trailing on the ground; procumbent
to lay fiat; to throw down; to level; to fell; as, to prostrate the body; to prostrate trees or plants
to overthrow; to demolish; to destroy; to deprive of efficiency; to ruin; as, to prostrate a village; to prostrate a government; to prostrate law or justice
to throw down, or cause to fall in humility or adoration; to cause to bow in humble reverence; used reflexively; as, he prostrated himself
to cause to sink totally; to deprive of strength; to reduce; as, a person prostrated by fever
Etymology: [L. prostratus, p. p. of prosternere to prostrate; pro before, forward + sternere to spread out, throw down. See Stratum.]
Chambers 20th Century Dictionary
pros′trāt, adj. thrown forwards on the ground: lying at length: lying at mercy: bent in adoration.—v.t. to throw forwards on the ground: to lay flat: to overthrow: to sink totally: to bow in humble reverence.—n. Prostrā′tion, act of throwing down or laying flat: act of falling down in adoration: dejection: complete loss of strength. [L. pro, forwards, sternĕre, stratum, to strew.]
The numerical value of prostrate in Chaldean Numerology is: 9
The numerical value of prostrate in Pythagorean Numerology is: 6
As drops of bitter medicine, though minute, may have a salutary force, so words, though few and painful, uttered seasonably, may rouse the prostrate energies of those who meet misfortune with despondency.
It is said that this idol provoked to jealousy, because the Jews by erecting this idol trod under foot their God, or at least endeavored to prostrate his glory.”
So the question becomes, 'Why is this young man prostrate on a Charlottesville sidewalk beaten like a dog?'.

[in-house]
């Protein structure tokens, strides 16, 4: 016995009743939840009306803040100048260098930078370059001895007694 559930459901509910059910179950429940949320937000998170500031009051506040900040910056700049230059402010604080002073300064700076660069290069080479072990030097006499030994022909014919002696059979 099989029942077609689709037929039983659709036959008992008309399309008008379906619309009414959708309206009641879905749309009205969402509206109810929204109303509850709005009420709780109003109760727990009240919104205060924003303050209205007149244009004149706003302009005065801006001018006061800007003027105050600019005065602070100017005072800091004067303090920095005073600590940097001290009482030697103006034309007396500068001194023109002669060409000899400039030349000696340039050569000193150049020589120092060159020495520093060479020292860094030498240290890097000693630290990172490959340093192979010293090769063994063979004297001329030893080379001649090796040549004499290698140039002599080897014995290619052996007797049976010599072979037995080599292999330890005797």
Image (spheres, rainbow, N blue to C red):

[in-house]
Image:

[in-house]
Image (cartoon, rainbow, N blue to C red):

Popularity rank by frequency of use
Translations for prostrate
From our Multilingual Translation Dictionary
Get even more translations for prostrate »
Find a translation for the prostrate definition in other languages:
Select another language:
- - Select -
- 简体中文 (Chinese - Simplified)
- 繁體中文 (Chinese - Traditional)
- Español (Spanish)
- Esperanto (Esperanto)
- 日本語 (Japanese)
- Português (Portuguese)
- Deutsch (German)
- العربية (Arabic)
- Français (French)
- Русский (Russian)
- ಕನ್ನಡ (Kannada)
- 한국어 (Korean)
- עברית (Hebrew)
- Gaeilge (Irish)
- Українська (Ukrainian)
- اردو (Urdu)
- Magyar (Hungarian)
- मानक हिन्दी (Hindi)
- Indonesia (Indonesian)
- Italiano (Italian)
- தமிழ் (Tamil)
- Türkçe (Turkish)
- తెలుగు (Telugu)
- ภาษาไทย (Thai)
- Tiếng Việt (Vietnamese)
- Čeština (Czech)
- Polski (Polish)
- Bahasa Indonesia (Indonesian)
- Românește (Romanian)
- Nederlands (Dutch)
- Ελληνικά (Greek)
- Latinum (Latin)
- Svenska (Swedish)
- Dansk (Danish)
- Suomi (Finnish)
- فارسی (Persian)
- ייִדיש (Yiddish)
- հայերեն (Armenian)
- Norsk (Norwegian)
- English (English)
Word of the Day
Would you like us to send you a FREE new word definition delivered to your inbox daily?
Use the citation below to add this definition to your bibliography:
"prostrate." Definitions.net. STANDS4 LLC, 2023. Web. 23 Sep. 2023. <https://www.definitions.net/definition/prostrate>.